For a more direct comparison to Progressive’s estimates, the average cost of car insurance in North Dakota is $1,419 a year and in Michigan, it’s $2,133.

Rates will vary widely by company and by the type of bike; it’s important to shop around and compare rates to find the best price for you. But, in general, insurance for a motorcycle is significantly cheaper than a car.

Are there motorcycle insurance discounts?

Discounts can help drive insurance costs down, some of which are specific to bikes.

Glenn Greenberg, director of business operations & financial communications at Liberty Mutual, says, "We offer a motorcycle safety course discount, as well as discounts for safety features such as anti-theft systems and anti-lock braking."

There's a reason insurance companies offer discounts for anti-lock brake systems (ABS): They save lives and prevent claims. The rate of fatal crashes for ABS-equipped bikes is 31% lower than for those without, according to the Insurance Institute for Highway Safety.

If you're a newbie, ABS is even more important. Claims during the first 90 days of an insured rider's policy drop 30% with ABS compared to an otherwise identical model, according to the Insurance Institute for Highway Safety (IIHS). In the second three months, as riders grow more accustomed to their bikes, the advantage shrinks to 19%.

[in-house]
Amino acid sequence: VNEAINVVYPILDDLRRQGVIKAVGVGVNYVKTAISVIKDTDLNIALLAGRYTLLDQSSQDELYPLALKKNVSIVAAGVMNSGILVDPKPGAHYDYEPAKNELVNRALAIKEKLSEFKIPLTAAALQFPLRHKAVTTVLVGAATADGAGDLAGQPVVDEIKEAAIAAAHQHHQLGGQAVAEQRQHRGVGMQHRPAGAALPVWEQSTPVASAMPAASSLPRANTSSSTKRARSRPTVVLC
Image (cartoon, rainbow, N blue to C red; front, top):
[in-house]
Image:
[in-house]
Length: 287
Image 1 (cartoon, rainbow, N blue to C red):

If you are a homeowner, a motorcycle policy typically will net you a home and auto bundling discount as well.

The other costs of owning a motorcycle

A training class is essential for new riders, and in some states it's required. Matthew Jacobs, motorcycle product manager with Progressive, recommends taking a motorcycle endorsement class early on in the decision- making process.

"Making sure that you are a confident and safe driver is very important," Jacobs says.

Costs vary, but budget $300 for a training class.

Probably the most expensive piece of equipment will be the one protecting your head. A solid middle-of-the-road helmet will run $300 to $600. You will need two of these if you plan on hauling a passenger from time to time.

Covering the rest of your body with a jacket, boots, gloves and leathers can easily run another $600. Figure an extra $200 for rain gear if you plan on riding in less than stellar weather.

Motorcycle maintenance